In recognition of Black History Month, Barbra Buoy talks about living with epilepsy, acceptance in her family and community, and her hopes for the future. #DareTo share your story so that others may learn from your experiences. For more information about epilepsy and the African American community, please visit epilepsy.com/African-American.
Barbra Buoy, 45
Grand mal seizures
Diagnosed with epilepsy 27 years ago
I was officially diagnosed with epilepsy when I was 18, but, in hindsight, I realize I had my first seizures while I was still in high school. At 14, I remember standing in my bathroom admiring my cute new haircut, then coming to with a large lump on my forehead from blacking out and hitting my head on our porcelain sink. At 17, I remember standing in my bedroom getting ready for work and then lying on my bed looking up at my uncle, who had come to pick me up, and being unable to recognize him. I have no memory of what happened in between.
The Big Decision
When I was finally diagnosed with epilepsy and put on phenobarbital, I unconsciously made an important decision that I wouldn’t fully appreciate the magnitude of until much later in life.
Having spent the first 18 years of my life traveling no farther than a half-hour from my house to visit relatives, I decided to attend a college 466 miles away. I didn’t know anyone in my new city, and I had no close family within driving distance.
But I realized this was a crossroads: either I could live in fear for the rest of my life, or I could move forward and refuse to let epilepsy limit my future.
Since then, I’ve finished undergraduate and graduate school, drove a car, got married, had a baby, traveled alone internationally, rode the bus alone across the country, got divorced, participated in half-marathons, and moved by myself multiple times within the United States. In other words, I lived life.
Since then, I’ve also had tonic-clonic (grand mal) seizures in hotels, on an escalator, at two jobs (once in the middle of a presentation), in the airport, at my in-laws house, at my house, at my mom’s house, in the elevator at college, on a moving treadmill, and while I was pregnant. In other words, I lived life with epilepsy.
Yes, each seizure was terrifying. Coming to and struggling to remember where you are, why these people are staring at you, and who they are is frightening. Losing control of your bladder and being rolled out of a building on a stretcher are embarrassing. Hanging out in the emergency room for hours is boring. And to top it off, tonic-clonic seizures are exhausting; it usually takes me a full day to recover. However, I also know I’m extremely fortunate. I’m fairly well controlled with a mono-therapy.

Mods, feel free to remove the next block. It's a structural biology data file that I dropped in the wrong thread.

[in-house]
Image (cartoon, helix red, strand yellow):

Acceptance in My Community
Despite my unconditional (or naïve) and unashamed acceptance of my epilepsy early in life, my mother never felt the same way. She passed away a few months ago, and I’m almost positive she never told anyone that I had epilepsy.
I’m African-American, and there is still shame and misunderstanding in some parts, but definitely not all, of my community. My mom would proudly say that she never told anyone — especially members of our family church — about my “falling spells.” She prayed that I would eventually be cured. None of that bothered me. She came from a different generation, and I knew she was acting out of love.
Living with Epilepsy
This is my story. I know it’s just one story, but so many people fear their lives are over when they’re diagnosed with epilepsy. I want them to know that doesn’t have to be true.
Will your life be different from your friends, from your former self? Yes.
Would it be better if there was a cure, if we didn’t have to risk having seizures in order to find the “right” drug or combination of drugs, if we weren’t just a little bit sleepy from our meds all the time? Absolutely.
And I hope that someday we have the same level of research funding and publicity as breast cancer or MS, and less fear and stigma. Until then, we must live.
Because each of us has something unique and beautiful to share with the world in spite of — or perhaps because of — our epilepsy.